Kongsberg Geospatial announced they successfully conducted sea trials of the Shield AI V-BAT Unmanned Aerial System (UAS) on behalf of the Canadian Coast Guard, operating from a small cargo vessel far offshore in international waters.
The Canadian Coast Guard is conducting trials of the long-endurance Vertical Take-of and Landing (VTOL) UAS surveillance system for possible deployment on Canadian Coast Guard Vessels under a project funded by Defence Research and Development Canada (DRDC). The Shield AI V-BAT aircraft was selected due to its unique ability to combine VTOL from the small confines aboard ship with the long endurance of a fixed-wing aircraft while carrying multiple sensors.
Kongsberg Geospatial teamed with Shield AI to deploy the V-BAT VTOL UAS for a 3-day sea trial in international waters in the Gulf of Mexico. The trials tested the capability of the aircraft to provide rapid launch and recovery, long endurance, and confined space take-off and landing from a moving vessel in a variety of weather conditions – both during the day, and at night. In addition to tracking and identifying other ships at long ranges, the flights conducted a variety of simulated missions designed to emulate real-world situations where the Canadian Coast Guard would use the drones. These included locating and tracking dye patches that simulated wreckage or oil spills, and locating life preservers in choppy seas and in a variety of weather conditions.
The V-BAT operators used Kongsberg Geospatial’s IRIS UxS software to safely pilot the aircraft at long ranges from the launch vessel. The IRIS software provides a comprehensive situational awareness picture of the operational airspace, data from a variety of sensors and data feeds – and shows the location of other aircraft and surface ships, as well as the launch vessel and the “ownship”, or drone being operated.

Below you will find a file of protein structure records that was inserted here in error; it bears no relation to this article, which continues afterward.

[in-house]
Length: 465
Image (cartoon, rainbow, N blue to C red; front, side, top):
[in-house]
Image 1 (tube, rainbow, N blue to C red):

Sensor data feeds from the cameras and sensors carried by the UAS were ingested, at real-time, into the Kongsberg Geospatial Modular ISR Data Analysis and Storage system (MIDAS). The MIDAS system records video and other data from the UAS, and serves as a “mission intelligence coordinator” to view current and historical sensor feeds of the UAS within a temporal and geospatial context to increase sensor utilization effectiveness.
“While the sea conditions were perhaps a little rougher than expected, they were ideal for testing the launch and recovery capabilities of the V-BAT from a small ship under the kind of conditions you might expect during real operations”, said Rex Hayes, a retired US Navy and Coast Guard officer and the Director of Unmanned Systems at Kongsberg Geospatial. “We were also very pleased with the performance of IRIS and the MIDAS system when handling integrated sensor data feeds from extended missions”.
Trials like these are important to the continued health of the industry, according to Brandon Tseng, Shield AI’s cofounder and former U.S. Navy SEAL. “We love supporting our allies. It will take strong partnerships – technological, military, and economic – to maintain stability during challenging times. Sharing tech like the V-BAT strengthens strategic relationships and contributes to global stability. Our recent engagement with the Canadian Coast Guard and Kongsberg exemplifies our commitment to ensuring our allies have the cutting-edge technology and products they need!”
This series of endurance trials is the second set of flight trials of the Shield AI V-BAT conducted by the Canadian Coast Guard. The first series of flight trials were conducted at a UAS test range in Oklahoma last year to establish flight characteristics of the aircraft.